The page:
While these standards are not absolutely consistent, we believe they should be read together. Although respondents' argument has technical merit, an objective reading simply does not allow these words an innocent sense. Respondent's comments clearly insinuate that appellant is a homosexual and an adulteress. In our vernacular, "living with" somebody is a common euphemism for a sexual relationship. The allegation that appellant "left" her husband and children to live with a "well known homosexual" would most obviously and naturally be interpreted to mean that appellant abandoned her family for the purpose of engaging in an adulterous and unchaste relationship with a lesbian woman. Moreover, the comments refer to appellant by name. See Balderre v. Beeman, 837 S.W.2d 309, 324 (Mo.App.1992) (allegation that plaintiff had "propositioned" business acquaintances, taken in its vernacular meaning, was slanderous per se because it branded the plaintiff as a woman willing to barter sexual favors for business gains).

An allegation of unchastity is one of the four traditional categories of slander per se. Carter, 714 S.W.2d at 509. In addition, we have a statute that makes it actionable "to publish falsely and maliciously, in any manner whatsoever, that any person has been guilty of fornication or adultery." § 537.110, RSMo 1986. Thus, the statements pleaded are actionable insofar as they impute adultery and unchastity.

*312 The parties disagree as to whether a false imputation of homosexuality is slanderous per se. The few courts that have considered this issue are sharply divided. Some have held that an allegation of homosexuality is defamatory per se, in that it implies immorality, unchastity, or criminal conduct. See, e.g., Schomer v. Smidt, 113 Cal. App. 3d 828, 170 Cal. Rptr. 662, 666 (1980), disapproved on other grounds, Miller v. Nestande, 192 Cal. App. 3d 191, 237 Cal. Rptr. 359 (1987); Wetherby v. Retail Credit Co., 235 Md. 237, 201 A.2d 344, 346 (1964); Dally v. Orange County Publications, 117 A.D.2d 577, 497 N.Y.S.2d 947, 948 (1986); Head v. Newton, 596 S.W.2d 209, 210 (Tex.Civ.App.1980).

Other courts, citing the ongoing evolution of our social mores, have come to the contrary conclusion and require proof of damages as a condition of recovery. See, e.g., Hayes v. Smith, 832 P.2d 1022, 1025 (Colo. Ct.App.1991); Boehm v. American Bankers Ins. Group, Inc., 557 So. 2d 91, 94 (Fla.Dist. Ct.App.1990); Moricoli v. Schwartz, 46 Ill. App.3d 481, 5 Ill.Dec. 74, 77, 361 N.E.2d 74, 76 (1977); Key v. Ohio Dept. of Rehabilitation & Corrections, 62 Ohio Misc.2d 242, 598 N.E.2d 207, 209 (Ohio Ct.Cl.1990). It is undisputed, however, that an imputation of homosexuality is "at least reasonably susceptible of a defamatory meaning." Bohdan v. Alltool Mfg. Co., 411 N.W.2d 902, 907 (Minn. Ct.App.1987).

The harm inflicted by defamation is particularly sensitive to the characteristics and situation of the injured party and of the society that surrounds him or her. Attitudes change slowly and unevenly among different groups. Despite the efforts of many homosexual groups to foster greater tolerance and acceptance, homosexuality is still viewed with disfavor, if not outright contempt, by a sizeable proportion of our population. Moreover, engaging in deviant sexual intercourse with another person of the same sex is still a class A misdemeanor in this state. § 566.090, RSMo. 1986. State v. Walsh, 713 S.W.2d 508, 510-12 (Mo.banc 1986). We hold that a false allegation of homosexuality is defamatory in Missouri.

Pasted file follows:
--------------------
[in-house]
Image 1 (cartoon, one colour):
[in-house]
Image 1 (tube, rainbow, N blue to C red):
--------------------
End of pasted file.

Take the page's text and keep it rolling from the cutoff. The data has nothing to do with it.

Furthermore, the "unchastity" category of slander per se has been generalized by our court of appeals to make actionable any false allegation of "serious sexual misconduct." See Balderre v. Beeman, 837 S.W.2d at 323. We agree with this approach. Matters of sexuality and sexual conduct are intensely private, intensely sensitive, and a false public statement concerning them is particularly harmful. In this society, an untruthful declaration concerning homosexual orientation must be considered as damaging to reputation as one concerning adulterous conduct.

Respondents have also argued that appellant has failed to plead slander per quod because she has failed to allege "special damages". The nature of "special damages" was extensively discussed in Carter v. Willert Home Products, Inc., 714 S.W.2d 506, 509 (Mo. banc 1986). Generally, Carter held that the special damages element of slander per quod required a showing of the loss of something of economic or pecuniary value, notwithstanding the difficulty of placing a value on such a loss.

Admittedly, appellant has not quantified any such loss in her petition. However, she has alleged injury to her "business contacts and standing as a professional", the changing of various job duties, and a loss of reputation and respect resulting in a risk to her employment. Granting to plaintiff the reasonable inferences from these averments, we cannot say that she has failed to plead "special damages" so as to warrant dismissal. Although these averments may well be difficult to value and prove at trial, they are sufficient to withstand an attack on the pleadings.